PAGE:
True Bread

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In the Name of the Father and of the Son and of the Holy Spirit. Amen.

It sort of seems like we’re stuck on the Bread Channel: All bread, all the time. It started two weeks ago with Jesus feeding the 5,000 men, plus women and children. Then, last week Jesus walked on the sea to the disciples in the boat, and the wind ceased when He got in the boat with them; but they did not understand about the loaves. Today, we’re in John 6, where Jesus speaks to the crowds who were fed—who also do not understand about the loaves.

The crowds realize that Jesus isn’t there anymore, and they’re looking everywhere to see where He’s gone: Did He go back to Capernaum? Is He on the other side of the lake? Did He take a boat? They all get in boats and go to the other side of the lake, where they find Jesus. Rabbi, when did you get here? But Jesus knows what’s in their hearts. Right before this, we are told the reason that Jesus withdrew from the crowds: because they were going to seize Him and make Him king—not the kind of king Jesus came to be, where He reigns from the cross in this creation, and in the next creation in the glory of the resurrection—no, they want a bread king. They think that Jesus is the sort of king who will provide for all their physical needs. He may overthrow Rome, and then, whenever they’re hungry, Jesus will feed them. And Jesus knows it. He says, “You’re looking for Me, not because you saw signs.” Signs point to something else. “You’re seeking Me, not because you saw something that pointed to Me, but because you ate your fill of the loaves. You were satisfied. Your stomachs were full.” They’re not looking for Jesus so much as they are looking for something that Jesus can give them. They’ve made Jesus a means to an end. For them, Jesus isn’t the end Himself; He’s not the goal or the purpose. He’s a means to the filling of their stomachs.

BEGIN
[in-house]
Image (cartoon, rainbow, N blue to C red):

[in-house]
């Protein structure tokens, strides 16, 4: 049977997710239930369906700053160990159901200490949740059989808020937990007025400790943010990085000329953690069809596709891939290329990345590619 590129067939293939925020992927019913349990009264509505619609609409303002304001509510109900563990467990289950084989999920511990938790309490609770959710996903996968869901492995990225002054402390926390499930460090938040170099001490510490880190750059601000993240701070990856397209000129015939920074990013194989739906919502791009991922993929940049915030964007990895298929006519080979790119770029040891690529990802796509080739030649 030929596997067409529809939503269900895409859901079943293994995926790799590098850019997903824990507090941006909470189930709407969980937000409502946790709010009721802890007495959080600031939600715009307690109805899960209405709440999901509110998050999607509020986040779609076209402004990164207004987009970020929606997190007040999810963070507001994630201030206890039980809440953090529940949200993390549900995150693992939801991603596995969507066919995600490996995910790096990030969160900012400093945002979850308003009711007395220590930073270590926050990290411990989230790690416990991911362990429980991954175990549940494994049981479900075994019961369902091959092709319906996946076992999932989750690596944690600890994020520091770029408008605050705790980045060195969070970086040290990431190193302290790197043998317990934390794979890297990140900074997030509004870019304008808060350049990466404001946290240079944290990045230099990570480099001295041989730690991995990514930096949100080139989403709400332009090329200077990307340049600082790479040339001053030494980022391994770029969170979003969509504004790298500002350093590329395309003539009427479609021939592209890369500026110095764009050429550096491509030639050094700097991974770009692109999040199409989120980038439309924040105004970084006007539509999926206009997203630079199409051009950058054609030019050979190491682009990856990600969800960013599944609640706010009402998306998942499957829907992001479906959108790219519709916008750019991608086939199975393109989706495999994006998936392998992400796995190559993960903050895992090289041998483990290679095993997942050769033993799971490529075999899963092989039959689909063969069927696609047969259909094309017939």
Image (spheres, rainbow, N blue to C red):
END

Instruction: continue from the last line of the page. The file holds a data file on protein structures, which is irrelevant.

And it’s so easy to cross that line. Sinners can’t even help it. For us the line is so thin between thanking God for His many blessings, to asking Him like dear children ask their dear Father for what we need for this body and life—to cross the line over to using Jesus or His Father as a means to some other end. Jesus as the means to the end of our own happiness. Jesus as the means to the end of our own success. Jesus as the means to the end of our own health. Even Jesus as the means to the end of our own salvation. Jesus isn’t a means to any other thing. He is happiness. He is health, because He is the resurrection and the life. Jesus isn’t a means to our salvation; He is our salvation. One diagnosis is to consider how often we talk about dying and going to heaven, as if heaven were the goal, rather than Jesus Himself. As if Jesus were almost secondary to whether heaven is a good place to be.